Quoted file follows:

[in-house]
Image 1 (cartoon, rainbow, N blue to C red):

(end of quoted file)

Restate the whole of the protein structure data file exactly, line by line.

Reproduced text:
[in-house]
Image 1 (cartoon, rainbow, N blue to C red):